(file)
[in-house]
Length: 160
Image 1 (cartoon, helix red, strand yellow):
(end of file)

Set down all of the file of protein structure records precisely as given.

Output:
[in-house]
Length: 160
Image 1 (cartoon, helix red, strand yellow):